Activity trackers have recently been making news with their data collection and aggregation capabilities—most notably, the heatmaps that fitness-tracking app Strava generated and published based on user data from around the world. While the conversation has largely been focused on tracking of military personnel and national security implications, the story has three key components that are broadly applicable—even to marketing:
- Where you spend your time says a lot about who you are.
- Filtering data through the lens of expertise and experience makes it more meaningful.
- How data is presented is just as meaningful as the data itself.
You are where you are
Strava’s heatmap included activity in parts of the world where fitness-tracking devices are uncommon. Repetition of activity in an area otherwise absent of these devices indicated presence, regimen, and a likelihood that users were from Europe or the West, where wearable technology is more common.
As a brand, where you show up—and, as much, where you don’t—can speak volumes. From your brand’s social platforms to your presence at trade shows, a brand’s existence and activity within various channels and media help to define it.
For a B2B food ingredient business or B2C pet brand, for instance, presence and footprint at key industry trade shows is often perceived to align with business stability and reliability. In some instances, a single year absence from exhibiting at a major industry trade show can both cause you to lose prime placement and signal to customers and competitors that business isn’t going well. While trade shows can serve as necessary opportunities to see and be seen, they also provide prime opportunities to have additional facetime with customers, keep in contact with industry media, check in on the competition, and attract and foster leads.
As important as where your brand spends its time—online, in stores, at trade shows, etc.—is what it communicates once there.
Gleaning greater meaning
While Strava first published the heatmap in 2017, the conversation around it didn’t heat up until January 27, 2018, when international security student Nathan Ruser pointed out the possible implications. Ruser’s perspective, informed by his studies and self-proclaimed interest in the Syrian conflict, allowed him to draw news-breaking conclusions from widely accessible activity data.
Strava released their global heatmap. 13 trillion GPS points from their users (turning off data sharing is an option). https://t.co/hA6jcxfBQI … It looks very pretty, but not amazing for Op-Sec. US Bases are clearly identifiable and mappable pic.twitter.com/rBgGnOzasq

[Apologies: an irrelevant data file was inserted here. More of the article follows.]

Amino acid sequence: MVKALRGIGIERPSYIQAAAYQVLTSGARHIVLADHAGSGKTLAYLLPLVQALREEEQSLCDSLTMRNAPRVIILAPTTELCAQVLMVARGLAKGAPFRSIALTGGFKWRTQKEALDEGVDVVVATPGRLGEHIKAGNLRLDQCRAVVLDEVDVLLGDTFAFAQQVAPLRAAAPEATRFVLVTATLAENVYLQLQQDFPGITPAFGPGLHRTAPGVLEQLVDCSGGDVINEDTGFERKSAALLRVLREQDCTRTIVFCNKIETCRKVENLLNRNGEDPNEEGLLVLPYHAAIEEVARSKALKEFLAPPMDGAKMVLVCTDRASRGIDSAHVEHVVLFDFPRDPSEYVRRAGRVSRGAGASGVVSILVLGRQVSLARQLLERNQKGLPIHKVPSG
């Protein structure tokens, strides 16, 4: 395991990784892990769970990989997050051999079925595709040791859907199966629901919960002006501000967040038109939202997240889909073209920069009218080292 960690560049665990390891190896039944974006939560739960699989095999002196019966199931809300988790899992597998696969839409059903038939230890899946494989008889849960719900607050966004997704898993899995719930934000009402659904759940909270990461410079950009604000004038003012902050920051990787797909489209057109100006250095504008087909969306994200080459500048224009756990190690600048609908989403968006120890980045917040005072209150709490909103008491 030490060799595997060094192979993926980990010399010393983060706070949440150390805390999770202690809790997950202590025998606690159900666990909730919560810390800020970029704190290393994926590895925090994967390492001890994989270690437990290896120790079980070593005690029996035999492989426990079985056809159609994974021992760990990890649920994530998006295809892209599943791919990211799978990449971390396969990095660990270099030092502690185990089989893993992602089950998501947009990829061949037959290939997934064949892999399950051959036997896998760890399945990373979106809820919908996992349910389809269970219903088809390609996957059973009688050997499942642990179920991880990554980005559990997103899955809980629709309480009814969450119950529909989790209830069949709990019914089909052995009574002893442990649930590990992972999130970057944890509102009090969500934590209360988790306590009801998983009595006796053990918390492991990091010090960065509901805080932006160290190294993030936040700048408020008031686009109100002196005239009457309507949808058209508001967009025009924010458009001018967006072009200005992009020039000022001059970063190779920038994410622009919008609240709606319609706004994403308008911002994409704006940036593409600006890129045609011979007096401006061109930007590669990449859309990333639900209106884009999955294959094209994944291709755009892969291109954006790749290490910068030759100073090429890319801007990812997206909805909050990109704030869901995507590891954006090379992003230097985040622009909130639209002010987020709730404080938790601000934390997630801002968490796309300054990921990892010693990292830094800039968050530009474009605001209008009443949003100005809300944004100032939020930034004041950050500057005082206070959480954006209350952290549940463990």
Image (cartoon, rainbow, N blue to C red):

— Nathan Ruser (@Nrg8000) January 27, 2018
The lens with which one views data is key to making it meaningful. Driven by expertise, experience, and critical thinking, the ability to connect the dots can be the difference between a collection of individual data points and actionable intelligence.
Among food, beverage, pet, and supplement brands, trend identification is often critical to innovation. The ability to suss out emerging trends can differentiate the early adopter from the reactive follower. Take clean labeling, for instance; this macro trend started years ago and has demonstrated its long-lasting implications in the food industry, where it started, and has since trickled into the pet space.
In industries where product development cycles tend to range from six to eighteen months, the earlier one can identify trends, the more readily those trends can be applied in formulation. At MarketPlace, our dedicated research capabilities and focus on the industries we serve—and the connections between them—give us the perspective needed to both conduct research and efficiently make connections that influence business strategies, expansion plans, brand development, product launches, and more.
While drawing accurate and meaningful conclusions from data is vital, how those conclusions are communicated can be just as important.
Making data digestible
In the case of Strava, publishing location and activity data in the form of a heat map made it exponentially more user-friendly. If Ruser had come across the same data in a less curated format, not only would it have taken more time, but he may not have been able to make the inferences he did, which were responsible for spurring a major conversation about security in the U.S. armed forces and around the world.
Much of our trade show strategy work is centered on communicating a message in a manner that breaks through a space saturated with information: other brands, other booths, and other messages that permeate the trade show floor. Whether creating a strategy that garners greater recognition for a 10′ x 10′ booth among a sea of thousands or presenting data in a two-story tall format that speaks to the food scientist, presenting information in a consumable and compelling format is crucial.
In trade shows, capabilities presentations, websites, social engagement, and beyond, marketing with knowledge of your industry, audience, and brand can be the difference between disconnected information and meaningful communication.
An expert lens, informed activity
At MarketPlace, our lens is informed by our depth of knowledge in the categories we serve: food, beverage, pet, and supplements. With a full circle perspective regarding the product development cycle in each—from concept to commercialization and promotion—and in-house research capability, we’re uniquely tuned to make meaningful connections and implement them through strategic marketing efforts.
If you’d like to rethink where your brand shows up, what its strategy is, and how your strategy comes to life, get in touch to talk or meet up with us at an upcoming trade show. We welcome the opportunity to help your business grow.